Untrack Yo’self: How to step up your digital privacy
Facebook. Cambridge Analytica. Buzzwords. As a result of recent events, 64% of people say they’re now more concerned about their online privacy.
Fair enough. We’re seeing the implications of careless handling of personal data by Facebook play out right now. Thing is, we can’t predict what else could happen. I say better safe than sorry. Even so, I find online privacy to be a surprisingly divisive subject. I’d just rather be prepared. Down the road if we decide that all this data harvesting is really not good, then we’ll have already given up a metric fuckton of information. No taksies backsies!
No taksies backsies!
So what can you do? The good news is that even if you don’t want to give up Facebook, you can take a few positive steps toward more secure and private browsing.
Here are the things I do — my “privacy stack” if you will.
Let’s start with the easy stuff.
Ad blockers are nothing new. I think advertising is a fair exchange for content that websites give me, but many sites take it too far. Adblock Plus will cut out a lot of junk, but allows “acceptable” ads. You can also disable it on the sites you choose — if promoted I’m generally fine with disabling it on a site-by-site basis, because its usually good-quality websites that ask nicely.
On top of that, I use DuckDuckGo’s extension improve encryption and block other trackers. Both of these pretty much work in the background.
DNS is what points your device to the right places online. According to CloudFlare:
Unfortunately, by default, DNS is usually slow and insecure. Your ISP, and anyone else listening in on the Internet, can see every site you visit and every app you use — even if their content is encrypted. Creepily, some DNS providers sell data about your Internet activity or use it target you with ads.
Fixing this is as simple as changing a couple numbers. Just use CloudFlare’s new 188.8.131.52 DNS — they even promise faster speeds.
VPNs hide your IP address from websites and third-party trackers, keeping your identity and location private. It’s another layer of security on top of the other measures mentioned. The downside is that it’s not free (around $60/year). I’d call it a nice-to-have, so if you don’t feel like adding another payment to your credit card, that’s cool.
If you’re new to VPNs an easy recommendation is TunnelBear. It’s one click on-and-off, has cool bear icons, and a free option.
And now for the hard part…
Yep, saying goodbye Google. Like many, I’ve become fairly reliant on Google. It’s hard to imagine completely pulling away from all these great free services. But since its business model is essentially selling you to advertisers, if you want privacy you have to take the plunge.
What better way to get to know someone the see everything they search for? While social networks like Facebook know all the stuff we share, Google knows all the stuff we don’t.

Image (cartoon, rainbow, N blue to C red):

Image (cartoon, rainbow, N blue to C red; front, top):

This is what started it all for me. I tried something new and it worked out.
I’ve been using DuckDuckGo for search for a few years. Long enough that it doesn’t even register in my head that I’m using something that’s not Google. They’re growing steadily and now rack up over 20 million searches per month (small compared to Google, but not insignificant). The search results are just as good, but they don’t track you. They have the same advertising model as Google, meaning you see ads based on the things you search for. Like Google, the ads are relevant and seem to be doing just fine without having any other data about you.
I just said goodbye to Chrome. Learning that Google can still track you in Incognito Mode was an eye-opener, and I’ll admit, it came as a surprise to me.
“Wait!” you exclaim, “No it doesn’t. Does it?”
Incognito Mode doesn’t save the things you do to your computer, so it won’t record anything in the browser history, or save cookies, etc. But Google still probably tracks you (as far as I can tell, the extent of said tracking is not known).
I moved to good old Safari on my MacBook and so far so good. It does perform better on a Mac, using less energy than Chrome did (handy when your battery is low), and my favourite extensions are available.
I’m currently using FastMail for $5/month. What its name lacks in creativity it makes up for in accuracy: it’s a really fast email service (with calendar and contacts — the usual email-type stuff). You get a custom domain and several aliases, so it’s great for work as an alternative to Gmail or G Suite. The Web UI is pretty lame, so expect to use an external email client like iOS/macOS Mail or Outlook.
I know, it seems insane to pay for email, but think about it this way: if email had always cost $5 per month, and Google came to you and said “We’ll give you email for free if you let us see it all, and show you ads in your inbox” would you be so keen to switch?
As another option, Swiss-based ProtonMail offers end-to-end encryption if you need that (like Elliot on the TV series Mr. Robot). It gives you 500MB of storage for free, which would eventually run out if you don’t ever delete emails (Gmail has trained me well in this regard).
So that’s my current “privacy stack”. Some of you may think I’m paranoid, while others probably think I’m not doing enough. I admit, I get a kick out of trying to circumvent all the tracking. It’s like a challenge. It satisfies my inner Boy Scout desire to “be prepared”. Isn’t it weird how much I feel like I have to defend my opinion?
Anyhoo, you can’t knock it if you don’t try it. Give DuckDuckGo a try for a few searches. Make it the default search engine in your browser and your phone. You can always switch back.